Twitter Poetry Contest
About the Contest
Of all the global communities for art, Twitter allows a conversational space for poetry. The connections we make online and through networks such as school support the fellowship our work thrives on. Writers can’t always travel or afford academia, but the internet welcomes everyone. So we’re bringing the community to them, taking flight to the Twittersphere and opening up our mission of giving voice to those have been underrepresented or historically misrepresented and/or writing that engages with issues of social, economic, and environmental justice. Enjoy this smorgasbord of flavors.
How to Submit
Submitter must be following @lunchticket1 on Twitter. To enter the contest, send a screenshot of your poem via reply tweet to our Twitter Poetry Contest Call for Submissions flyer. Up to 3 submissions per poet are permitted. Poets may only submit from one Twitter account. To win, poem must follow our mission. Simultaneous submissions to both our contest and our main issue will not be permitted. Please note that previously published work will not be accepted.
Winning poems are selected once a month, 12 months a year. Each winner must submit a 100-word biography and current photo. Selected poets will be published on our Twitter Poetry Contest page, and pinned to our Twitter page for the remainder of the month. Contest winners must wait 1 year following their selection before qualifying for submission.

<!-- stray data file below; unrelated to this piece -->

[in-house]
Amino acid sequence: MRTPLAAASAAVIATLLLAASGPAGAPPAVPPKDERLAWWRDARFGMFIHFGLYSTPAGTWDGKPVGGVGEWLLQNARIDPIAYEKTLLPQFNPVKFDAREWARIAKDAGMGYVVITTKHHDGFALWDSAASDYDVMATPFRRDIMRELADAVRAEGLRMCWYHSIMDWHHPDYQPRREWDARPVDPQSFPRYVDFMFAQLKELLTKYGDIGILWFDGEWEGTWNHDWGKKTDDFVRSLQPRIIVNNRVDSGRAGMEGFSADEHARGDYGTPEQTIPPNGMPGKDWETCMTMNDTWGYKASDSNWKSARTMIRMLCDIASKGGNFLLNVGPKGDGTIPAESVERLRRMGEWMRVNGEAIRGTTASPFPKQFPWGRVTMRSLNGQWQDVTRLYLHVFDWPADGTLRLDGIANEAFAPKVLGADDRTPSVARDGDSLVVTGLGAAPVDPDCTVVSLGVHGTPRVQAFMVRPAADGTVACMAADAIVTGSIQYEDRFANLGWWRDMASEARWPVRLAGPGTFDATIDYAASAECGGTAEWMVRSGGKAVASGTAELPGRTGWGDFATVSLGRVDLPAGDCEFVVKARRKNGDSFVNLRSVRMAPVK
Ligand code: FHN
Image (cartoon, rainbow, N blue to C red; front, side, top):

Lunch Ticket’s Twitter Poetry Contest is dedicated to upholding the Council of Literary Magazines & Presses code of ethics, defined as such:
CLMP’s community of independent literary publishers believes that ethical contests serve our shared goal: to connect writers and readers by publishing exceptional writing. We believe that intent to act ethically, clarity of guidelines, and transparency of process form the foundation of an ethical contest. To that end, we agree to 1) conduct our contests as ethically as possible and to address any unethical behavior on the part of our readers, judges, or editors; 2) to provide clear and specific contest guidelines—defining conflict of interest for all parties involved; and 3) to make the mechanics of our selection process available to the public. This Code recognizes that different contest models produce different results, but that each model can be run ethically. We have adopted this Code to reinforce our integrity and dedication as a publishing community and to ensure that our contests contribute to a vibrant literary heritage.